Saturday, 1 December 2012

Threat Modeling Approach - Looking into all aspects of security



What is a Threat?
Going by the definition from Wiki a "Threat" in computer security means a possible danger that might exploit a vulnerability to breach security and thus cause possible harm.
Well, don’t worry if that has baffled you. Let’s dive deep into it to understand it in detail.

I am sure keywords like “exploit”, “vulnerability” might have caught your attention. And that’s exactly where the gist of it lies. A threat is nothing but a possible damage that can occur to any entity due to some vulnerability/weakness in it.

Let me give you an example. It is needless to say that we all lock our houses in the morning or times when we step out of it, unless there is someone inside to take care of it. However, have you ever wondered how robust the locks that you use are and what if someone is able to break it easily?

Now if those questions got you some goose bumps – your idea of threat would have got clear. What you feared about i.e. a robber breaking into your house is a nothing but a “threat” in this scenario and it would result because of a weakness i.e. if you were to use a poor quality locks J

What is Threat Modeling?

Well I hope that might have got you close to the idea of threats. Now, let’s move on to understanding “Threat Modeling”, which I would say is an essential element of software security. It can be understood as a process of enumerating all the possible threats that any software may have. As explained before, as a threat is linked to a weakness/vulnerability, it’s all about identifying all the possible weak or vulnerable areas in the software like the one in the case of the lock, which might lead to a threat. 
What we should have at the end of the threat modeling activity is a list of all possible threats applicable to given software and the environment on which it runs. Such a list is also commonly known as a – “Threat Profile”.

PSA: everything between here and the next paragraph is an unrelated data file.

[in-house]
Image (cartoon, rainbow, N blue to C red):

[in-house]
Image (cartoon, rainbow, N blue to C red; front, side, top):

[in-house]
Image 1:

Why should we perform Threat Modeling?

As I had mentioned before it is an essential part of software security. Its importance lies in determining the scope of security in an application. It sets a correct vision for security and highlights all the vulnerable areas that one should look at either while developing software or while auditing it. Imagine what would have happened if you never thought about the tenacity of your lock. You would have possibly relied on it blindly and might have got robbed. To put in other words, just because we identified locks to be a key area where a vulnerability would lie we would go ahead and inspect it or buy a good quality lock for our safety. Thus, it all starts with first thinking about what can go wrong with any entity in the system, and unless we do that we would never think about security. I believe, now it is needless to tell you why threat modeling is a crucial step in securing any software. By this we get a list of all areas that needs to be paid attention to and which can easily leas to the next step i.e. making “secure software”.   

How to perform Threat modeling?
The threat model of the application must be based on the following three areas: 
  • Application Functionality and Rule Set 
  •  Application Design/Architecture
  •  Known Coding or Configuration Errors 
A.      Threat Modeling Stage 1 - Application Functionality:

This stage focuses on enumerating all the threats related to the application features. It leads us in determining all the security aspects that the features should implement.

Step 1 - Identify scope of the application

Step 2 - Understand all the features/requirements of the application on the following basis: